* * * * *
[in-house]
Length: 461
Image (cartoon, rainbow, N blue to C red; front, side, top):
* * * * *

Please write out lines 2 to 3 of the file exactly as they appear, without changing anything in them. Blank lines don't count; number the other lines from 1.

Length: 461
Image (cartoon, rainbow, N blue to C red; front, side, top):